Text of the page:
Perry Ellis's path to college basketball's biggest stage has been a long and winding one.
John Rieger/John Rieger-USA TODAY Sports
LAWRENCE, Kan. — When Kansas forward Perry Ellis started against Baylor on Valentine’s Day, he knew what benchmark was at his fingertips: 1,000 career points.
It may not sound like such a milestone, but in an era of one-and-done players and early entries for the NBA draft, it has become rarer for a player to reach it at blue-blood programs.
But there he was, just three points away. Midway through the first half, Ellis drove through the lane and pulled up for a contested jumper, making the memorable shot while getting fouled.
"It wasn’t the prettiest shot," Ellis said later in a moment of reflection. "I was thinking about everybody who has played here and only 55 or 56 players have done that. You think about how many years KU has had basketball. It’s just a blessing."
Ellis’s path to college basketball’s biggest stage has been a long and winding one.
Fonda Ellis can’t remember when her son started to play basketball, but it was in the first or second grade that she realized he had sprouted a bit taller than most kids. By middle school, boys basketball coach Josh Schepis saw him walking down the hall and was taken aback.
"He was probably 6-foot-1 or 6-foot-2 as a sixth grader," Schepis said.
In Wichita, Kansas, sixth graders couldn’t play up a grade level, though, so Ellis had to wait another year before stepping on the floor. When he did, he was hardly the only star. Evan Wessel would go on to play at Wichita State, and Jalen Love at Denver. There was even Dreamius Smith, who went on to play football for West Virginia.
"He was tall, skinny and frail," Schepis said, "but he was always very, very good."
Ellis soon made the radar of the high school coach at Wichita Heights. Joe Auer introduced the youngster to Darnell Valentine, a former All-American at Kansas who also played at Heights.
"I was thinking that maybe someday Perry, if he worked hard, would be our next McDonald’s All-American," Auer said, "and have a chance to be a pretty special player."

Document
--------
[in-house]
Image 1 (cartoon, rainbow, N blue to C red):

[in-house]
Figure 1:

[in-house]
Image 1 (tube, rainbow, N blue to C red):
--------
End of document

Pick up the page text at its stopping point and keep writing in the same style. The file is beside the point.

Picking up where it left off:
By the time Ellis had reached eighth grade, word had gotten out. His middle school games were being moved to the high school gym so more people could watch. Sports Illustrated for Kids came in for a photo shoot, and college coaches started to take notice.
"He’s very determined," Auer said. "Nothing has come easy for him."
When most high school kids were hitting the snooze on their alarm clocks, Ellis had been awake for hours, often showing up at the local YMCA to shoot baskets by 5:30 a.m.
"Most people judge from the neck up, so when you watch Perry from the neck up, you think he’s nor passionate or he’s not doing hard. Then you look at the stat sheet and he had a double-double or 14 points and eight rebounds," Auer said.
By the time he reached high school, it was clear that Ellis was going to be dealing with an amount of pressure that few kids will experience. That first day, Auer asked Ellis his goals.
"The first thing he said was he wanted to win four state championships," Auer said. "Then he said he wanted to be a McDonald’s All-American."
Ellis accomplished both — though not without some bumps.
In his first game in high school, with Kansas coach Bill Self watching, Ellis decided to wear a mouth guard for the first time. He had so much trouble breathing that he nearly passed out.
Ellis eventually led Heights to a state title, and then three more. By the time his career was over, he had a city-record 2,231 points and 984 rebounds. He was the state boys’ basketball player of the year all four years and, yes, chosen for the McDonald’s All-American game.
"It was never his goal to score points," Auer said. "From a young age, he understood that he was going to get the most from basketball if his team accomplished the most."
His older sister, Savannah, had played for Memphis in college. She told Ellis to keep focused on his grades, and the youngster listened. Ellis had a 4.0 GPA and was valedictorian.
"He’s one of the kindest souls you’ll ever meet," Auer said. "It’s just so rare to have such a gentleman, such a competitive gentleman, in this day in age."
Ellis ultimately committed to Kansas and began contributing right away. Despite his slight stature, he played in all 37 games as a freshman, helping the Jayhawks win 31 of them. Then last season, he became the leader on a team featuring freshmen Andrew Wiggins and Joel Embiid.
This season, Ellis has grown into the Jayhawks’ leading scorer.
He poured in 23 points in Saturday night’s victory over TCU, which helped Kansas (22-5, 11-3) keep its one-game lead on Iowa State in the Big 12 race. And when he suits up Monday night against Kansas State, he will do so for the 100th time.
After that is the stretch run to what he hopes is the Jayhawks’ 11th straight conference title, and then the Big 12 tournament and NCAA tournament. And while Ellis has NBA aspirations, there is a good chance he’ll be back next year for his senior season.
Plenty of more chances to add to his first 1,000 points.
"I think I still can get better," Ellis said. "Even ball handling and shooting. I feel like I can improve on that more. I feel like there’s still more to learn. I can still get better."